Once caught, the taming of the bull is achieved by the precision of meditative panoramic awareness and the sharp whip of trancendental knowledge. The Bodhisattva has accomplished the trancendent acts (paramitas) - not dwelling on anything.

5. Taming the Bull The whip and rope are necessary, Else he might stray off down some dusty road. Being well-trained, he becomes naturally gentle. Then, unfettered, he obeys his master.

6. Unimpeded
On the verdant field the beast contentedly lies idling his time away,
No whip is needed now, nor any kind of restraint;
The boy too sits leisurely under the pine tree,
Playing a tune of peace, overflowing with joy.

Riding the Bull
Once caught, the taming of the bull is achieved by the precision of meditative panoramic awareness and the sharp whip of trancendental knowledge. The Bodhisattva has accomplished the trancendent acts (paramitas) - not dwelling on anything.

6. Riding the Bull Home Mounting the Ox, slowly I return homeward. The voice of my flute intones through the evening. Measuring with hand-beats the pulsating harmony, I direct the endless rhythm. Whoever hears this melody will join me.

7. Laissez Faire
The spring stream in the evening sun flows languidly along the willow-lined bank,
In the hazy atmosphere the meadow grass is seen growing thick;
When hungry he grazes, when thirsty he quaffs, as time sweetly slides,
While the boy on the rock dozes for hours not noticing anything that goes on about him.

The Bull Transcended
Even that joy and color becomes irrelevant. The Mahamudra mandala of symbols and energies dissolves into Maha Ati through the total absence of the idea of experience. The is no more bull. The crazy wisdom has become more and more apparent and you totally abandon the ambition to manipulate.

7. The Bull Transcended Astride the Ox, I reach home. I am serene. The Ox too can rest. The dawn has come. In blissful repose, Within my thatched dwelling I have abandoned the whip and ropes.

8. All Forgotten
The beast all in white now is surrounded by the white clouds,
The man is perfectly at his case and care-free, so is his companion;
The white clouds penetrated by the moon-light cast their white shadows below,
The white clouds and the bright moon-light-each following its course of movement.

Both Bull and Self Transcended
This is the absence of both striving and non-striving. It is the naked image of the primeval Buddha principle. This entrance into the Dharmakaya is the perfection of non- watching - there is no more criteria and the understanding of Maha Atia as the last stage is completely transcended.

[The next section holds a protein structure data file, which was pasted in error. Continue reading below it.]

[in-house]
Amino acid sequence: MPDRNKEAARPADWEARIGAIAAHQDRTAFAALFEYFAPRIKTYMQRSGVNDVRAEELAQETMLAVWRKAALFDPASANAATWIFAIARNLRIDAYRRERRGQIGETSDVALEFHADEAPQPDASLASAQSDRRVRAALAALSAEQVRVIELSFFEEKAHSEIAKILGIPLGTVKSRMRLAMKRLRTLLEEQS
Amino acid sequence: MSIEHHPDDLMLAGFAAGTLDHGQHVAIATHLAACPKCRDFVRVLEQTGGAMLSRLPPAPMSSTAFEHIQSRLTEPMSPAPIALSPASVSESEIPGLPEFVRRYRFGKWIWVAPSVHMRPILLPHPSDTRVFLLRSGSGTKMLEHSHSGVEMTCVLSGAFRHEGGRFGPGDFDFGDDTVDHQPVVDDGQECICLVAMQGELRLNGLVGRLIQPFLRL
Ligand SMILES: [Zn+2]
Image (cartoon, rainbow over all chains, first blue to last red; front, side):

8. Both Bull and Self Transcended Whip, rope, person, and Ox - all merge in No Thing. This heaven is so vast, no message can stain it. How may a snowflake exist in a raging fire. Here are the footprints of the Ancestors.

9. The Solitary Moon
Nowhere is the beast, and the oxherd is master of his time,
He is a solitary cloud wafting lightly along the mountain peaks;
Clapping his hands he sings joyfully in the moon-light,
But remember a last wall is still left barring his homeward walk.

Reaching the Source
Since there is already such space and openness and the total absence of fear, the play of the widsoms is a natural process. The souce of energy which need not be sough is there; it is that you are rich rather than being enriched by something else. Because there is basic warmth as well as basic space, the Buddha activity of compassion is alive and so all communication is creative. It is the source in the sense of being an inexhaustible treasury of Buddha activity. The is, then, the Sambhogakaya.

9. Reaching the Source Too many steps have been taken returning to the root and the source. Better to have been blind and deaf from the beginning! Dwelling in one's true abode, unconcerned with and without - The river flows tranquilly on and the flowers are red.

10. Both Vanished
Both the man and the animal have disappeared, no traces are left,
The bright moon-light is empty and shadowless with all the ten-thousand objects in it;
If anyone should ask the meaning of this,
Behold the lilies of the field and its fresh sweet-scented verdure.

In the World
Nirmanakaya is the fully awakended state of being in the world. Its action is like the moon reflecting in a hundred bowls of water. The moon has not desire to reflect, but that is its nature. The state is dealing with the earth and ultimate simplicity, transcending following the example of anyone. It is the state of 'total flop' or 'old dog'. You destroy whatever needs to be destroyed, you subdue whatever needs to be subdued, and you care for whatever needs you care.

10. Return to Society Barefooted and naked of breast, I mingle with the people of the world. My clothes are ragged and dust-laden, and I am ever blissful. I use no magic to extend my life; Now, before me, the dead trees become alive.